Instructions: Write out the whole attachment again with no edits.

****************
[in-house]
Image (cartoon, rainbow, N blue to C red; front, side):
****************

[in-house]
Image (cartoon, rainbow, N blue to C red; front, side):